The maiden Inter Provincial Tournament was held in 1922, with Punjab Lawn Tennis Association led by Mohd Saleem. The tennis competition was held regularly held in India, until the Second World War broke out in 1939. In tournaments that were held during the period before the World War, the promising players of India emerged victorious. They competed with stiff foreign competitors belonging to the strong nations.
Things went smooth for Tennis in India after the end of the Second World War. AILTA decided to organize Grass Court and Hard Court Tournaments in India. The Hard court tournaments were open to foreign players as well.
In 1946, the first ever, Grass Court National Championship was held at Calcutta. Sumant Misra grabbed the maiden title by defeating Manmohan Lal. From then on, a fresh new breed of promising Indian players, including S. Misra Dilip Bose and the young Ramanathan Krishnan was introduced to the game. Both of them were consistent winners until 1955.
Others who dominated the championship included Premjit Lal, Vijay Amritraj and Jaidip Mukerjea.
Tennis in India – The Golden Period
The mid 1950s was the turning point for tennis in India and Indian tennis players. Legendary tennis player, Ramanathan Krishnan bagged the Junior Wimbledon Champion title in the 1950s. He became the first Asian to do so.
Ramanathan Krishnan, Jaidip Mukherjee and Premjit Lal were the dominant Indian players in India during the 1960s. In 1962, Ramanathan Krishnan secured the fourth position at Wimbledon. The Indian tennis players also performed well in other prestigious tournaments including the Davis Cup and the Zonal Championships.
Soon after, Premjit Lala and Jaidip Mukerjea won the National Doubles and Asian Doubles Championships, an astonishing four times each.
Stylish Vijay Amritraj stood out from the crowd. He strengthened the Indian tennis in the 1970s. With the exceptional performances of Amritraj, Shashi Menon, Jasjit Singh and Anand Amritraj, India reached the Tennis World Cup Finals in 1974. However, due to political issues and Apartheid, India did not play South Africa in the Finals.
Vijay Amritraj made it to the Grand Slam tournaments and performed reasonably well. However, he never won a major Grand Slam. He did qualify for the quarterfinals of the US Open in 1973 and also in 1981. Vijay, made it to the Wimbledon in 1973 and 1974. Vijay Amritraj was then succeeded by Ramesh Krishnan, son of Ramanathan Krishnan, who kept India’s flag flying high.
Tennis in India – The Late 1990s
Post the Krishnan era, a couple of young Indian players started to get international recognition. Leander Paes and Mahesh Bhupathi had entered the game. Paes, the Junior Wimbledon and US Open Champion, pulled off some outstanding victories for India and performed well in the Davis Cup as well. At the 1996 Atlanta Olympics, Leander Paes created history by winning the singles Bronze medal for India. He was also instrumental in making India qualify for prestigious tournaments like the Grand Slam and Davis Cup.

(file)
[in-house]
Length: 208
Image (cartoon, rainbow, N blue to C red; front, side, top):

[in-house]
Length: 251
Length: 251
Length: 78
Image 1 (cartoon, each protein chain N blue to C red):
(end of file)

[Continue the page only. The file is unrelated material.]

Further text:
Mahesh Bhupathi was the first Grand Slam winner for India. However, after partnering with Paes, they went on a winning rampage. The duo entered all the four Grand Slam Doubles Finals in 1999. They made every Indian proud by winning Wimbledon and US Open.
Before splitting, Paes and Bhupathi remained the No.1 doubles pair position for a long time.
Present Day Scenario of Tennis in India
The golden era of the 50s and 60s and the 90s behind us now, tennis in India holds bright future. Leander Paes and Mahesh Bhupathi after splitting did win Grand Slams and international tournaments with different tennis players. They have heavily contributed to the Indian tennis at the individual levels.
The entry of Sania Mirza has breathed in fresh air to tennis in India. The tennis queen of India has managed to deliver commendable performances, both at the national and international level. Saina has become the major inspiration to the young sporting enthusiasts of our country.
On the other hand Rohan Bopanna and Prakash Amritraj are among the others to pick up the gauntlet. They also enhanced the stature of Indian tennis at the international level.
At present Ramkumar Ramanathan, Yuki Bhambri, Prarthana Thombare and Karman Kaur Thandi look bright prospects. They haven’t won any big international tournaments for India. But hopes are high from this young bunch of men and women, to once again bring back the golden days for Tennis in India.